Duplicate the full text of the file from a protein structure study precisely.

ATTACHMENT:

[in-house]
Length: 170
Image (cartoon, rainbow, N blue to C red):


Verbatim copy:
[in-house]
Length: 170
Image (cartoon, rainbow, N blue to C red):